Monica MacDonald
Customer Relations

Exercise: Treatment for Depression and Anxiety?

July 9, 2020
Monica MacDonald
Customer Relations
Exercise: Treatment for Depression and Anxiety?

It seems like everyone is talking about the benefits of exercise for mental health these days. There are several articles making the rounds saying that exercise might be the best prescription for mental health issues like depression and anxiety. Maybe you've been wondering how exercise works to relieve mental health problems. Even though we don't have a definitive answer for why exercise is so helpful, there seem to be a few different ways this could work.

From chemical changes in your brain to changes in your personal outlook on life, here are a few of the ways exercise can boost your mental health.

Releasing Endorphins

When you’re learning about the benefits of regular exercise you’re likely to hear the word ‘endorphins’ over and over. Strenuous exercise releases endorphins in your brain. Endorphins are ‘feel-good’ chemicals. That means exercise makes you feel good, right? Maybe that’s enough of an explanation for you, but here’s a little bit more information about what endorphins are and what they do.

Endorphins are neurotransmitters (chemicals in the brain) that are released by the pituitary gland. These chemicals are involved in a lot of different natural body processes. They serve as natural rewards for processes like eating and drinking, and they also have pain-relieving effects. When your pituitary gland releases endorphins your pain is numbed and your mood becomes elevated.

Many people have heard of a ‘runner’s high’. A runner’s high is a euphoric feeling that you get during or after a strenuous run, and this is the best example of how exercise endorphins work. Working out immediately releases endorphins and also reduces your stress chemicals when you’re not working out.

Creating Community

We know that a sense of community is one way to achieve success in your fitness journey. Having a workout group makes it easier to stick to a routine. Working out with friends makes fitness more fun and social. Group fitness, whether in fitness classes or just having a gym buddy, has a lot of benefits. One extra benefit is that having a strong sense of community has mental health benefits.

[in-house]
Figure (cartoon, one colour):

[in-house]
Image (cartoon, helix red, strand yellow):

Creating a social support network can be hard work. It takes a lot of effort to meet people and maintain relationships. One way to make this easier is to find a social activity that you enjoy doing. If you join a sports team, gym or fitness studio you can meet new people easily. Also, not only are you meeting new people, you have an instant connection because you have something in common. This can be a huge jump-start to creating a support network.

Goal Setting and Accomplishment

There is some research that suggests that the way we set goals for ourself can factor into depression. This research suggests that setting general goals can actually contribute to depression. Achievable, specific goals are the opposite. Setting the right kinds of goals can give people a sense of purpose and accomplishment. These goals, however, need to be a specific type.

Fitness goals are a great example of specific, achievable goals. Because it can be so easy to make noticeable improvements in your fitness, especially as a beginner, fitness goals can be very encouraging at first. Whether your goals are about gaining cardiovascular fitness or strength, specific goals give you something to work toward.

When you set fitness goals for any reason it's important to break those goals into manageable chunks. By breaking a goal into smaller parts you can measure your progress and feel accomplished. This is particularly important when you're setting goals in relation to mental health. Taking things slow and constantly measuring your progress are important tools in the journey.

... and Much More

Those are just a few examples of how fitness can help with mental health. Research is ongoing, and exercise if definitely a popular topic in current medical studies. Even though research is ongoing, it's probably safe to say that exercise is good for nearly everything.

Exercise certainly has a lot of benefits. The physical effects of exercise alone are enough reason to add exercise to your routine, but the mental benefits are definitely an added bonus. While nobody would recommend trying to self-treat mental illness with exercise alone, it can be a free and simple addition to your health routine.

If you are suffering from depression, anxiety, or any other mental illness, be sure to consult a doctor. If, however, you're just looking for a simple way to boost your mood, exercise can be a great option.